Zadie Smith: Brent libraries gave me a gateway to a better life

The Kilburn raised author flew to London to speak to residents battling to save Kensal Rise library

AWARD-winning author Zadie Smith has spoken movingly about the crucial role Willesden Green library played in offering her a ‘gateway’ out of poverty.

Ms Smith, who grew up in Kilburn, spoke to a packed meeting of residents battling to save Kensal Rise library in Bathurst Gardens, Kensal Rise.

The library is one of six reading rooms cash-strapped Brent Council plans to close in a bid to slash �1million from its annual budget.

Ms Smith said: “My own family placed a very high value on education and bookishness. We relied on public services. Not as frippery, not as an excuse for personal stagnation, but as a gateway to other opportunities.”


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After shooting to fame in 2000 with the publication of her book White Teeth, which she finished writing while in her final year at Cambridge University, Zadie became one of the most popular young novelists in England.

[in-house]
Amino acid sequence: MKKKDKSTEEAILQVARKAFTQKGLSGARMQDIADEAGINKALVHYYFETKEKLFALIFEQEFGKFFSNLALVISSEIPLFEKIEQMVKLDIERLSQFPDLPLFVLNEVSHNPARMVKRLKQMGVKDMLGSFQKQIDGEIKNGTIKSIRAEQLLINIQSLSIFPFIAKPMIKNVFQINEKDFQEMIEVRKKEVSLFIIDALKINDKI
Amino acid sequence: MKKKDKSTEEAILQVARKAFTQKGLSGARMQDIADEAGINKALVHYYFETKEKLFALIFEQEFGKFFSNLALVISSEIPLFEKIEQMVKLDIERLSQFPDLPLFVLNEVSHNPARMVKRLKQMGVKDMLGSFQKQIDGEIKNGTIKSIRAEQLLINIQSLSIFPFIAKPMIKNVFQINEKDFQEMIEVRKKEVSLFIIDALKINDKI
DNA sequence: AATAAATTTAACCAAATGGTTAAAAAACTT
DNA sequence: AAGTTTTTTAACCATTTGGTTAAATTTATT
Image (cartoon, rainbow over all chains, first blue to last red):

But she had far humbler beginnings.

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Speaking about growing up in a small flat where her interest in literature stemmed from regular trips to Willesden Green library, in High Road, Willesden, she said: “I learnt what a monumental space a library can be.

“I spent my adult life in libraries that make local libraries look small indeed – to some people, small enough to get rid of without much regret.

“But I never would have seen a single university carrel if I had not grown up living 100 yards from the library in Willesden Green.

“Local libraries are gateways not only into other libraries, but into other lives.”

Attacking the Conservative-led Government for cutting public spending, she said: “I can see that if you went to Eton or Harrow like so many of the present cabinet, you might not understand the point of such lowly gateways.

“It is very difficult to explain to people with money what it means not to have money.”

And in a swipe at politicians, local and national, implementing library cuts, which provoked applause from the crowd, she added: “Perhaps it is because they know what the history books will make of them that our politicians are so cavalier with our libraries. From their point of view the fewer history books we can find these days the better.”

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